They likely behaved as they did because the entire process was rigged from beginning to end.  In an age of some of the most stunning drama ever written and performed, the Trial and Execution of Mary, Queen of Scots is a case of life imitating art.

   What does this have to do with Edward de Vere?  Was this drama possibly, perhaps probably, assisted by the man most able to create such a scenario?  A drama rivallng if not surpassing any plot in any Shakespeare play, conceived and carried out in such detail, and with such a successful outcome?  Yes and No.  “Assisted” yes, but not planned from the beginning.  I believe Oxford was sympathetic to Mary, learned of Walsingham’s treachery with Mary’s letter, and told Elizabeth what was transpiring.  In true Shakespearean irony, either he was doing the right thing by Mary in telling Elizabeth, or when he did so, he was told by Elizabeth what was really going on.  I do not believe it was de Vere’s brain child that false evidence be planted to incriminate Mary, but I do believe it is likely he was aware that whatever Elizabeth had chosen to do, could not be stopped on the grounds of moral appeal, and that if he were to go over Elizabeth’s head, everyone, including the nation, would pay a horrible price.  Oxford could defy with impunity powerful men such as Walsingham and Burghley where others could not have done so, as he had done just this, many times, from the early days of his wardship under Elizabeth. But outright defiance in the matter of Mary, bringing State wrong-doing out in the open for the public and nations to see?  Thereby shaming Queen Elizabeth and England?  No.  Whistle-blowing was likely not an option.

   The major point of the above is that de Vere knew what was taking place.  This gave him considerable power:  he could say, “I know what you have done and are doing.  I find myself a co-conspirator in this, and choose to be silent.  So, we are all beholden to each other.  Therefore, you scratch my back and I’ll scratch yours.”  This is yet another reason for anonymity in his present and future writing, and a strong motivator (self-survival) for his choice to code information where the plaintext of what he wrote would conceal ciphertexts pointing to the behavior and character of others.  If Hamlet is de Vere’s autobiography, as it is frequently claimed, then the major players in what “seems” to be fictional characters are really the names of the major players in the court of Elizabeth, including herself.  Beginning after the trial and execution of Mary, Queen of Scots, de Vere, as a writer, virtually disappears and Shakespeare’s writing begins.  As does the use of codes to support what conjecture hints at.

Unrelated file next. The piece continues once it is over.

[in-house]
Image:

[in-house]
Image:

[ For more on Edward de Vere’s vote of ‘Guilty’, thereby condemning Mary to death, click HERE. ]

   As we shall see, Edward de Vere had always been protected from the consequences of his behavior:  from the killing of an undercook in a fencing ‘accident’ when he was 17, to his riotous squandering of money.  Cecil, Lord Burghley, mopped up after him as can be seen in some of his letters to Cecil, entailing what amounts to  constant and  virtual begging for funds from Cecil in order  to pay off his creditors.  And, of course, who else could authorize these funds to be given to de Vere?  Although Cecil was in charge of the wards of the Court (and de Vere was one of them from the age of twelve until his alleged death in 1604), Elizabeth had to have given permission (“commaundement “) for this.  What intrigues me, however, is for what reason (s) was Elizabeth so protective of a person so seemingly irresponsible?

   I suspect Edward de Vere knew of Elizabeth’s doubts about executing her own cousin, as well as having been privy to the creation of the incriminating letter by Thomas Phelippes, as instructed by Sir Francis Walsingham.  My guess is that de Vere refused to take part in this deception, going so far as to vote against Mary’s conviction and beheading.  If I am correct, de Vere was, in all probability, duty as well as morally bound to tell Elizabeth about the false postscript.  De Vere was a Crown spy.  There are no written documents of the discussions between Walsingham and others regarding their conspiracy to falsely accuse Mary of treason.  Perhaps de Vere told Elizabeth before or after the execution.  Perhaps not.  After all, Walshingham’s power and control of State and Crown security hinged on remaining credible and trusted by Elizabeth.  Perhaps Elizabeth was convinced by him that Mary had to go as her being alive remained a continual Catholic threat   to her, and therefore to England.  She may have caved in and consented to the deception.  But if she wasn’t told,  De Vere would still have been a liability to Walsingham at this point, and most likely not easily persuaded to keep silent without some serious intervention.  It would make sense, in all this skullduggery, for Walsingham to say to de Vere that he would have him killed (along with his family) if he said anything to anyone.  Walsingham doubtless knew of the protective status given him by Elizabeth (Cecil would have made sure of this), and would not breach this condition unless absolutely necessary to do so.  This  meant he, himself, was threatened in a most horrible way with execution by Elizabeth for his part in the death of Mary.  For his part, so accused by Elizabeth, he could publicly have his bowels cut out and burned before his eyes while he was still alive, then be executed.  Knowing this, he would be more than motivated to protect himself in this regard.  Secrecy and keeping things hidden was life and death for all involved.